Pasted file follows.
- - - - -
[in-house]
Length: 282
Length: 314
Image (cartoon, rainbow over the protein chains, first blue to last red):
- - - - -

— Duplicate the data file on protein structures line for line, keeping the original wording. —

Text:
[in-house]
Length: 282
Length: 314
Image (cartoon, rainbow over the protein chains, first blue to last red):